Federal Reserve Bank of Richmond President Jeffrey Lacker said additional monetary stimulus probably wouldn’t create more jobs or spur home construction and could cause a surge in inflation.
“It would be quite hard to justify additional monetary stimulus, absent a dramatic deterioration in economic conditions, which I do not view as likely,” Lacker said today in a speech to the Economics Club of Hampton Roads, Virginia. “Additional easing is unlikely to have much positive effect on growth prospects, but could well generate a sustained surge in inflation that would be costly to reverse.”
Lacker has dissented at all three meetings this year of the policy-setting Federal Open Market Committee. On April 25 the FOMC said the economic outlook will probably warrant “exceptionally low levels for the federal funds rate at least through late 2014.” Lacker disagrees, saying in an April 27 statement that “an increase in interest rates is likely to be necessary by mid-2013” to hold down inflation.
More financial instability in Europe could damp the U.S. expansion, Lacker said in his speech. The place to look for “fallout in the U.S. financial system” from Europe’s credit crisis is short-term money markets, he said in response to an audience question.
“U.S. money market mutual funds have substantial exposure to European banks,” Lacker said.
‘Most Likely Avenue’
As the European crisis deepened last year, many money market mutual funds “dramatically” reduced their holdings of bank debt from vulnerable countries, he said. “If there’s got to be a spillover,” the most likely avenue for it would be in money markets, he said.
The Richmond Fed president said the moderate pace of economic expansion “has meant significant economic hardship” for many Americans seeking employment. Still, impediments to growth probably can’t be overcome by more accommodation by the Fed, he said.
Housing markets are going through a “lengthy adjustment process,” he said. Lacker said a mismatch between the skills employers need and what job seekers have to offer may be slowing hiring. Uncertainties about tax, budget and regulatory policies may also be discouraging both investment and hiring, he said.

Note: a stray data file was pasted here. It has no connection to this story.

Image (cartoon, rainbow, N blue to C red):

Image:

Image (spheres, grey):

“The impediments to growth that I have discussed today are all quite real,” Lacker said. “They are factors for which monetary policy is not the remedy. Monetary policy will not occupy vacant homes or give unemployed workers the skills to fill vacant jobs or reduce regulatory and fiscal uncertainty. Policy is already quite accommodative.”
The personal consumption expenditures price index rose 2.1 percent for the 12 months ending March, near the Fed’s 2 percent target for the price measure.
Lacker said “a lot of thought and analysis” went into the decision by the Fed to establish a 2 percent inflation target.
“I am very comfortable with the choice,” he told reporters after the speech. “I don’t think it would be easy to temporarily adopt a higher target and then successfully return to a lower” inflation rate. “In fact, I think it would be very dangerous.”
Economic indicators show the U.S. economy is in a choppy expansion. Manufacturing grew in April at the fastest pace in almost a year, propelled by a pickup in orders. The Institute for Supply Management’s factory index climbed to 54.8 last month, the best reading since June. That may indicate the economy is picking up from the 2.2 percent annual pace in the first quarter. The economy grew 3 percent in the final three months of 2011.
Biggest Quarterly Gain
Employers increased payrolls by 635,000 from January through March, the biggest quarterly gain since the first three months of 2006. The pace of hiring slowed in March when employers added 120,000 jobs, the fewest since October.
The Labor Department will release its April jobs report on May 4. Payrolls rose last month by 161,000 jobs, according to economists surveyed by Bloomberg News.
Lacker, 56, has been president of the Richmond Fed since 2004 and is the second-longest serving among all 12 regional bank presidents after Cleveland’s Sandra Pianalto. He was an assistant professor of economics at Purdue University in West Lafayette, Indiana, before joining the Richmond Fed in 1989 as an economist in the research department.
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